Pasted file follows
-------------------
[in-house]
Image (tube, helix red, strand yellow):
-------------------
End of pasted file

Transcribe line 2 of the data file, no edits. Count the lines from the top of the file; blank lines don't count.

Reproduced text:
Image (tube, helix red, strand yellow):